Thursday, 21 January 2016


25. Meditating on koans is one of the major disciplines used in Zen. Mumon Ekai, a master active in 13th century China, spoke of using koans as brickbats to batter the gate that seems to bar entry to the way of Zen. This gate might be thought of as an impulse to say the unsayable, to speak what cannot, must not, be spoken. Mumon would liken the surrender to this impulse to 'striking at the moon with a stick', or 'scratching a shoe, whereas it is the foot that itches'. That is to say, in Zen there is a clear recognition of the incommensurability between the metaphysical impulse and what it seeks to express in the form of the propositions of philosophy or, as Mumon would put it, 'other people's words'. And so Mumon warns his disciples not to confuse their 'own treasures' - their own realisation of the metaphysical - with the 'things coming in through the gate', namely, the speculations of others. That is, he attempted, with the help of the cases of the ancient masters, that is, with koans, to awaken his monks to the fact that nothing, nothing at all, stood in the way of their full possession of the present moment of their daily lives. This nothing-gate-barrier was no more than a picture, a figment of the imagination, a product of conventional habits of thought. He might have pointed out to them that they were held captive by nothing but a picture. As Wittgenstein would say: 'A picture held us captive. And we could not get outside it, for it lay in our language and language seemed to repeat it to us inexorably'.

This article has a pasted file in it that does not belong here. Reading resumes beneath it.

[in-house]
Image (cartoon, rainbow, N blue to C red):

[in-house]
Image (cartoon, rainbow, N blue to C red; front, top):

So might it not be the case that those who have difficulty in seeing that the practice of Zen is a philosophical practice are likewise held captive by a picture? And is this not a somewhat narrow and misleading picture of the nature and practice of philosophy, especially when viewed against the background of the whole history of Western philosophy? Here it would be well to recall the koan that asks: 'Why is it that a man of great strength cannot lift his legs?'

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